Over the past few weeks, Howard Stern has joked that he would follow Mel Karmazin out the door if he ever left Viacom. After Karmazin's sudden resignation this morning, the ball is now in his court.
Stern signed on this morning saying today's show would be an infamous one, knowing that the news of Karmazin's departure had yet to fully break into the mainstream press and having been informed by a phone call from newly named Viacom Co-President/Co-COO Les Moonves. Not letting out the news to begin the show, Stern began by talking about how he started his radio career "against all odds" and with parents that treated his dream to be "this crazy nut" on the radio by saying, "Why not you? Someone's got to be on the radio." He talked a bit about his love/hate relationship with radio and the daily aggravation of trying to get his vision for The Howard Stern Show on the air.
Stern then drifted to his embattled days at NBC. "When NBC fired me, I thought that my career was over. I really thought it was. I was in a panic," he admitted. It was at this point that listeners first got an idea where Stern was going with his career recap, when he bluntly stated: "If NBC was a concentration camp, then Mel was my Schindler." Stern recalled their first meeting, where Karmazin pitched him on coming to WXRK (K-Rock)/New York, before recounting his career under Mel's watch. "When I think back on it all, I couldn't have done it without Mel," he said. "Because when I was fired from NBC, Mel was the guy who rescued me. I am forever grateful. I praise Mel all the time on the air and I will continue to praise him until I die, because the guy is the consummate broadcaster."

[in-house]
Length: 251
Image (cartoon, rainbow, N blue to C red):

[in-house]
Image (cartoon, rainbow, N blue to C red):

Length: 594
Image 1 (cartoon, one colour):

It was at that point that Stern let loose with the news from the phone call he received from Moonves the previous night, calling it a "definite nail in my coffin. With Mel gone, I am seeing the darkness at the end of the tunnel. I don't know what this means to the show, but it can't be good. He's the guy who had my back."
For over 18 years, Stern and Robin Quivers have worked for Karmazin. He gave them life after the NBC debacle. He syndicated their show. He gave them the freedom to push the boundaries of radio content, and defended them when the FCC came knocking. But now, they face the prospect of business life without him. "It must be time [to go]," said Quivers, pondering their radio future and adding that Karmazin's departure has "a direct relationship" to The Howard Stern's Show survival. "All the other players could change and it wouldn't make a difference, but Mel makes a difference," she said. "The face of radio has changed completely."
The lament for Mel continued throughout the morning at various points, with plenty of speculation onthe Stern show's future. While satellite radio is the popular pick for Stern's next stop, he alluded to other options available to him. "XM, Sirius, there's all kind of companies out there," said Stern, intimating that a larger foray into television might not be out of the question.